Five fearsome Sand Tiger sharks arrive in New Zealand
After more than 18 months of planning, five fearsome Sand Tiger sharks – all the way from Maryland US – have arrived in New Zealand.
The sharks have been acclimatising to their new home at Kelly Tarlton’s Antarctic Encounter and Underwater World in Auckland and on Saturday (December 18th) a special Sand Tiger shark themed exhibition opens.
As well as being an exciting draw card for the public – most of whom will have never seen these predators before – Kelly Tarlton’s hopes to study the sharks and contribute much-needed insight to breeding programmes.
The Sand Tiger sharks (also known as Grey Nurse sharks across the Tasman where populations on the Eastern Seaboard are listed endangered and vulnerable) have travelled more than 15,000 kilometres to their new home under the watchful eyes of a team of US and New Zealand marine experts – including Kelly Tarlton’s Head Curator Andrew Christie.
“As you could imagine, transporting five, live sharks – who weigh an average of 40 kilograms and measure up to 2 metres – is not as simple as checking in oversized baggage or even relocating the family pooch. The health and wellbeing of the animals has been our top priority throughout the entire operation,” he says.
Following a month long quarantine period State-side, Kelly Tarlton’s new Sand Tiger sharks were introduced into special freight tanks and loaded aboard a commercial airliner in New York. The sharks touched down at Auckland International Airport and were loaded onto trucks and driven to Kelly Tarlton’s. After vet checks and work to acclimatise them to the water in their new home, they were lifted onto stretchers and lowered, through an opening on Tamaki Drive’s footpath, into Kelly Tarlton’s Oceanarium below.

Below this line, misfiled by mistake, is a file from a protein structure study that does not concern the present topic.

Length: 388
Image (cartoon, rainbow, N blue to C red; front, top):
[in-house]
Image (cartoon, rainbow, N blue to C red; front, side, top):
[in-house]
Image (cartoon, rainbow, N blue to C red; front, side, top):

“The safe arrival of these wonderful Sand Tiger sharks is thanks to months of careful planning here and in the US. We are thrilled that visitors will now have the opportunity to see these fearsome looking predators up close,” says Mr Christie.
Sand Tiger sharks’ alarming appearance – including one of the meanest sets of teeth you’re likely to see on any predator – and their fondness for hanging out in coastal waters had previously earned them the title of Man Eaters, but Mr Christie says it’s an unfounded reputation.
“Sand Tiger sharks, like many shark species, pose little threat to humans when left alone and actually have much more to fear from us than we do from them. We really hope that, as well as marvelling over their frightening appearance, visitors to Kelly Tarlton’s will be able to learn more about these amazing predators and begin to understand why their conservation is so important.”
Kelly Tarlton’s is also hoping to learn a thing or two about its newest inhabitants. The curatorial team hopes that by studying their behaviour they can contribute to the work being carried out by marine biologists and in aquariums like Kelly Tarlton’s world-wide to successfully unlock the secrets of breeding Sand Tiger sharks in captivity – something that many experts think is essential to the species long-term survivability.
“Some experts estimate that in as little as a generation, species like the Sand Tiger shark could become extinct. We hope that the lessons we can learn from the Sand Tiger sharks in our care can one day help to assure the continuation of the species,” says Mr Christie.
To welcome these new, permanent residents, Kelly Tarlton’s has a special Sand Tiger shark-themed exhibition running all summer long (December 18th – January 31st). Kids can learn all about Sand Tiger sharks before meeting the new arrivals face-to-face in the Underwater World. To keep kids busy and engaged there are Shark Activity Sheets and lessons on how to draw sharks and spot different species, plus popular Kelly Tarlton’s costume character Sammy the Shark will be making an appearance at 12.30 every day throughout January.